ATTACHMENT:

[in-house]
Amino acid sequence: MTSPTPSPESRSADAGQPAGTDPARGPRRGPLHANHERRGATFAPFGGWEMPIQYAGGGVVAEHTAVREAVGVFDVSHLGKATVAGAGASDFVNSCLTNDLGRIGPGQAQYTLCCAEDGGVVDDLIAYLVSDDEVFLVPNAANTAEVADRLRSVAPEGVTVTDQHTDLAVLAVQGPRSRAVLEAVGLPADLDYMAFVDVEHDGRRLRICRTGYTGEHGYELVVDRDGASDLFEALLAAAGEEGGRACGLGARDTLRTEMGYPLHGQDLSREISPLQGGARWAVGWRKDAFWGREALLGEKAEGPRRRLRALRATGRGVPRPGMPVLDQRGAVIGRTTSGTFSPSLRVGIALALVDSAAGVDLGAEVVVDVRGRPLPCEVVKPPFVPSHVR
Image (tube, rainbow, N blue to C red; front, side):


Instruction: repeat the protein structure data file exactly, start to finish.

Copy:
[in-house]
Amino acid sequence: MTSPTPSPESRSADAGQPAGTDPARGPRRGPLHANHERRGATFAPFGGWEMPIQYAGGGVVAEHTAVREAVGVFDVSHLGKATVAGAGASDFVNSCLTNDLGRIGPGQAQYTLCCAEDGGVVDDLIAYLVSDDEVFLVPNAANTAEVADRLRSVAPEGVTVTDQHTDLAVLAVQGPRSRAVLEAVGLPADLDYMAFVDVEHDGRRLRICRTGYTGEHGYELVVDRDGASDLFEALLAAAGEEGGRACGLGARDTLRTEMGYPLHGQDLSREISPLQGGARWAVGWRKDAFWGREALLGEKAEGPRRRLRALRATGRGVPRPGMPVLDQRGAVIGRTTSGTFSPSLRVGIALALVDSAAGVDLGAEVVVDVRGRPLPCEVVKPPFVPSHVR
Image (tube, rainbow, N blue to C red; front, side):